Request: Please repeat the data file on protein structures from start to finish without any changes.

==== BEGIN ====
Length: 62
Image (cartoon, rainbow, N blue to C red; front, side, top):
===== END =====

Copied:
Length: 62
Image (cartoon, rainbow, N blue to C red; front, side, top):